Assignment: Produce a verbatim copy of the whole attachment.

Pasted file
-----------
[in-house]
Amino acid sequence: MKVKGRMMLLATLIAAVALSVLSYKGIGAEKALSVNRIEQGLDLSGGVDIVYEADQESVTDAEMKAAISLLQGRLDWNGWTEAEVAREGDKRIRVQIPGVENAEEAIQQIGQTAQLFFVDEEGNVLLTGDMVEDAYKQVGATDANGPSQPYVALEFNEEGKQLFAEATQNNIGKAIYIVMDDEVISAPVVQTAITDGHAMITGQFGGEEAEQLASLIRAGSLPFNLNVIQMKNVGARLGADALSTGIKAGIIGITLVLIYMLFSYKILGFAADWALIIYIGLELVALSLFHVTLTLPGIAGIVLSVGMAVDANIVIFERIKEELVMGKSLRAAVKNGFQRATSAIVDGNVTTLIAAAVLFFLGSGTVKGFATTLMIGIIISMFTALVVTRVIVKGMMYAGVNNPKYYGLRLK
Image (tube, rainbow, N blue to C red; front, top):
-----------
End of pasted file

[in-house]
Amino acid sequence: MKVKGRMMLLATLIAAVALSVLSYKGIGAEKALSVNRIEQGLDLSGGVDIVYEADQESVTDAEMKAAISLLQGRLDWNGWTEAEVAREGDKRIRVQIPGVENAEEAIQQIGQTAQLFFVDEEGNVLLTGDMVEDAYKQVGATDANGPSQPYVALEFNEEGKQLFAEATQNNIGKAIYIVMDDEVISAPVVQTAITDGHAMITGQFGGEEAEQLASLIRAGSLPFNLNVIQMKNVGARLGADALSTGIKAGIIGITLVLIYMLFSYKILGFAADWALIIYIGLELVALSLFHVTLTLPGIAGIVLSVGMAVDANIVIFERIKEELVMGKSLRAAVKNGFQRATSAIVDGNVTTLIAAAVLFFLGSGTVKGFATTLMIGIIISMFTALVVTRVIVKGMMYAGVNNPKYYGLRLK
Image (tube, rainbow, N blue to C red; front, top):